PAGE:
Do you need to archive your emails? If you have a business, the answer is yes. There can be legal ramifications to getting rid of the wrong data. Too many businesses, though, have an idea that they need to save emails, but don’t really know how to go about it.
A lot of businesses think that backups are a substitute for archiving, which means that when it comes to storing their emails they’re spending too much money on the wrong technology. A backup is intended to restore the system to the state it was in at a specified time in the past. Backups don’t need for data to be easily searchable – they just need it to be accurate. Backups are usually only going to be kept for a couple of months anyway, so they don’t need to be storehouses of knowledge, they only need to be faithful pictures of a particular slice of time.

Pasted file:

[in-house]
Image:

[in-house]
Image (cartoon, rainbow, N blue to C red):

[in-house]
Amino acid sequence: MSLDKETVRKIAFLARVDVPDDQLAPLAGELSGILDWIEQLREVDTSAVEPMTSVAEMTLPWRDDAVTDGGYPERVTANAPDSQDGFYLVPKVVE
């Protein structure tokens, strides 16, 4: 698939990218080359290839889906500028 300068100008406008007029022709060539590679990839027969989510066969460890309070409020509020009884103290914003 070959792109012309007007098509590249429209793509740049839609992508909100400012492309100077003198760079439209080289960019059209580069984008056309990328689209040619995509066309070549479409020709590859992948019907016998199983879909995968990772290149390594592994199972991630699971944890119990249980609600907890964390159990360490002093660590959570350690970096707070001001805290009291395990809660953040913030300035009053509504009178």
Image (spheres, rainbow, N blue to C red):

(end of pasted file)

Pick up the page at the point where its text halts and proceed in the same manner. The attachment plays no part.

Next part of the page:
An archive, on the other hand, needs to contain a lot of information that can be accessed very quickly. One of the major reasons for archiving emails is to satisfy legal requirements. Exactly what were the terms of the contract for selling 1000 purple widgets in March 2010? To be really useful, an email archiving system needs to make finding information about purple widgets sold in the year 2010 very fast and very easy. This isn’t just useful for fulfilling legal requirements; email can contain a wealth of information about a company, and proper archiving can make that information readily available.
In the event of legal request, an old-fashioned backup system will require that data from tapes is transcribed and sifted through. In an archived system, the relevant data—and only the relevant data—can be easily accessed.
Email has rapidly become the most important means of communication for businesses, and it’s a critical asset that every business needs to protect. Archiving provides the flexibility and security to make email valuable and useful for years to come.
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